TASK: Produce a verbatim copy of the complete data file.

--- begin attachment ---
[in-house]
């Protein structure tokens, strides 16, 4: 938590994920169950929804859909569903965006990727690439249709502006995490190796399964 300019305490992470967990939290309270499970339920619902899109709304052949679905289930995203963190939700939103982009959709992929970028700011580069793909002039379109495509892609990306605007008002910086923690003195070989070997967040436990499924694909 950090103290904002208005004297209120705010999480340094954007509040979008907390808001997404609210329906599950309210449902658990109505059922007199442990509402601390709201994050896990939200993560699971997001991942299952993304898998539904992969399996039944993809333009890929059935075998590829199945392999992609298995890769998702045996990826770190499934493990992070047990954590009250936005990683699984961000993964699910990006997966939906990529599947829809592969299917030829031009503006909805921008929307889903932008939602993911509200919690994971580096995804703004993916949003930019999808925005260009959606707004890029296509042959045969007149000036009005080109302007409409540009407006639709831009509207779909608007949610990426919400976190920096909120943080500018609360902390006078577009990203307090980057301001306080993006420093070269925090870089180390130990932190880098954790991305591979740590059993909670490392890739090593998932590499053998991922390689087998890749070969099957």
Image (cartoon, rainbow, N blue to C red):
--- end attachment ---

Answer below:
[in-house]
């Protein structure tokens, strides 16, 4: 938590994920169950929804859909569903965006990727690439249709502006995490190796399964 300019305490992470967990939290309270499970339920619902899109709304052949679905289930995203963190939700939103982009959709992929970028700011580069793909002039379109495509892609990306605007008002910086923690003195070989070997967040436990499924694909 950090103290904002208005004297209120705010999480340094954007509040979008907390808001997404609210329906599950309210449902658990109505059922007199442990509402601390709201994050896990939200993560699971997001991942299952993304898998539904992969399996039944993809333009890929059935075998590829199945392999992609298995890769998702045996990826770190499934493990992070047990954590009250936005990683699984961000993964699910990006997966939906990529599947829809592969299917030829031009503006909805921008929307889903932008939602993911509200919690994971580096995804703004993916949003930019999808925005260009959606707004890029296509042959045969007149000036009005080109302007409409540009407006639709831009509207779909608007949610990426919400976190920096909120943080500018609360902390006078577009990203307090980057301001306080993006420093070269925090870089180390130990932190880098954790991305591979740590059993909670490392890739090593998932590499053998991922390689087998890749070969099957």
Image (cartoon, rainbow, N blue to C red):